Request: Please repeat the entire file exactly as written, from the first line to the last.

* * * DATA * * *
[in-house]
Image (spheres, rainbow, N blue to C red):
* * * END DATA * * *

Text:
[in-house]
Image (spheres, rainbow, N blue to C red):